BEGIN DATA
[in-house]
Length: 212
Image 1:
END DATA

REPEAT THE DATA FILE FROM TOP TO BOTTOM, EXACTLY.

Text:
[in-house]
Length: 212
Image 1: